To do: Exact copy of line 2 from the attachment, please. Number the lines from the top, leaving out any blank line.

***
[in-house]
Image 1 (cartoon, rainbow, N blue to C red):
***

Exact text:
Image 1 (cartoon, rainbow, N blue to C red):